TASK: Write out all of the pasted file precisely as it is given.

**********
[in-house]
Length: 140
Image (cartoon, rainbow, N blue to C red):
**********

[in-house]
Length: 140
Image (cartoon, rainbow, N blue to C red):